Stock Market Crash World Recession
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World stocks tumble down
The US market was closed overnight but other stock markets around the world tumbled leaving local investors to take their cue from Europe and Asia.
It is the largest one-day fall since 9/11 and makes for a 12th weak session in a row - the longest losing streak in the market since January 1982.
Asian bourses were also softer, with Japan's benchmark Nikkei share average index down 4.8 per cent and the boarder TOPIX index down 4.6 per cent.
The All Ords index has fallen by over 20 per cent since its intraday peak on November 1 last year.
As a rule of thumb, that indicates the market has entered a bearish phase, after years of a bull run.
According to early figures, the market has now lost $237.3 billion in value since its peak in November, and is off about $135.7 billion for the year so far.
Financial markets are under pressure amid fears that the US economy is entering a recession, and depress global growth.
The Australian futures market pointed to a 3 per cent drop in local shares, after falling 2.9 per cent yesterday.
"Aussie stocks are set for their largest one day fall since 9/11," Martin Slaney, head of derivatives trading at GFT Global Markets in London said.
"There is a wave of panic emerging as the fear unfolds."
ABN Amro Morgans Ipswich manager Tony Russell said the local market was being dragged down by a raft of negative sentiment.
"Once again we've had some commentary coming out of Europe on concerns on their economy slowing down and further concerns of the US economy going into recession. "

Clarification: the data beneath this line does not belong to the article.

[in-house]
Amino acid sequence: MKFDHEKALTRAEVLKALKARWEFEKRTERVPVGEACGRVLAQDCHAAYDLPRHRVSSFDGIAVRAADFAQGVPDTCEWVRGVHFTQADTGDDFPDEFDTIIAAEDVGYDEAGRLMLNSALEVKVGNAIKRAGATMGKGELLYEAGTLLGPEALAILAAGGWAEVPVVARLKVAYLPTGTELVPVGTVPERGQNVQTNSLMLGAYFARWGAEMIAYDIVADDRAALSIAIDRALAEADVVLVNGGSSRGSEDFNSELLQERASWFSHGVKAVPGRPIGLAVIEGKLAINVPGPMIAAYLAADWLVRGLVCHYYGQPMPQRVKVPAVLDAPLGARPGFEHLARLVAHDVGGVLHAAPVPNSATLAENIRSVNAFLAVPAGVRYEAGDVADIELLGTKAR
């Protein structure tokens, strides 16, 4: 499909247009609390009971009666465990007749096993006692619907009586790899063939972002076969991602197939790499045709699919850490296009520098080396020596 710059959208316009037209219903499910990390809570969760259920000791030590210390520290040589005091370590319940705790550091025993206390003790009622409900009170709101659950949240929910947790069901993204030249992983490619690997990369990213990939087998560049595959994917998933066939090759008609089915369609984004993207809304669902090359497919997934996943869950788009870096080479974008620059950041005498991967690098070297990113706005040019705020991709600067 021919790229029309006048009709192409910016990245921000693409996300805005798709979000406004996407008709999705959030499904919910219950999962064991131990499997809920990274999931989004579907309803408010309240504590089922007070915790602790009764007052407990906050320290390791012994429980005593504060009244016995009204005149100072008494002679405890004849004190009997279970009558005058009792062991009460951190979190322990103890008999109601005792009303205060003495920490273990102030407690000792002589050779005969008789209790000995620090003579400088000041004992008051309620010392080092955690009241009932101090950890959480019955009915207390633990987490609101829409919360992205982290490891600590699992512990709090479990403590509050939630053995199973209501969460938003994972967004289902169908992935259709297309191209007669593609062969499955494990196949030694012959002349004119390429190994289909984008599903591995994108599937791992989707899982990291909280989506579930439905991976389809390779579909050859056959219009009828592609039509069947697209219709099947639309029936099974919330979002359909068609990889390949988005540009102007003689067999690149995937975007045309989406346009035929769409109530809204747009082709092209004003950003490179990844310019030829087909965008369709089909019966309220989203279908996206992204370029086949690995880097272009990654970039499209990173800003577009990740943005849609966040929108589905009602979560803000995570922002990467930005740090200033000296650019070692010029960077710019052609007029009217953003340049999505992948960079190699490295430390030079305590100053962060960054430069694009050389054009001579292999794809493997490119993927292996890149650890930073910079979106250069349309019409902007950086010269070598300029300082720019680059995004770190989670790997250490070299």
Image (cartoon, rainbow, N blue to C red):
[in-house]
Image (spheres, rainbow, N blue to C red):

"At the moment we've got a raft of negative sentiment out there.''
Mr Russell said he expects volatility to persist for some time, but that the market should bounce back in the short term.
"Once people start focusing on the solution to this and not the problems, and the solution being taken by the various central banks and the US Federal Reserve on interest rate movement, it will start to stimulate a bit more confidence back into the economy and we'll settle down. "
"Volatility will remain, but we'll certainly see some bounce in it in the short term.''
'Blood on the floor'
Austock Securities client adviser and strategist Michael Heffernan said there was "blood on the floor'' with the market falling three per cent in the first few minutes of trade.
"I think the blood bank is trawling all broker's floors to recover the blood,'' he said.
"We are all feeling what it would be like to do fifteen rounds with Mike Tyson but in reality there are some great stocks at fantastic value.''
Mr Heffernan said sooner or later the market would come back.
"While it will finish down today, sooner or later investors are going to see the value in good stocks and I say they are great value. So investors should never look back.''
The London Stock Exchange lost 5.48 per cent - its largest one-day loss since the September 2001 terrorist attacks in the US, on fears of a recession in the world's biggest economy.The German exchange lost 7.16 per cent and while French stocks fell 6.83 per cent